A small, illustrated biography of a giant woman.
Anna Swan was born in Nova Scotia in 1846, and an author’s note explains she likely had “a rare medical condition called pituitary gigantism” that caused her to grow to nearly 8 feet. The story is written in the first person, a dubious choice for biography, but the point of view infuses the narrative with a sense of intimacy. From her birth, Anna is a spectacle in her rural community, where her family is credited with accepting and protecting her. “All the more to love,” her parents are quoted as saying of her, though there’s no direct citation for this dialogue, nor for any other quotations in the book, which could exacerbate concerns about the book’s nonfiction credibility. The strong foundation Anna receives from them helps her confidently set out into the world with a man she calls Mr. Barnum, who includes her in his Gallery of Wonders with other people with unusual physiques. An unfortunate, insensitive simile likens two men with gigantism to “totem poles,” and a later introduction of Anna’s husband, Martin Van Buren Bates, calls him the “Kentucky Mountain Giant” but fails to mention he was a Confederate soldier. Despite these missteps, there’s much to admire in this tribute to Swan, not the least of which are detailed mixed-media illustrations; done with a delicate folk-art sensibility, they depict Anna and her world as an all-white one.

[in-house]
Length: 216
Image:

A spare telling of a big life. (Picture book/biography. 5-8)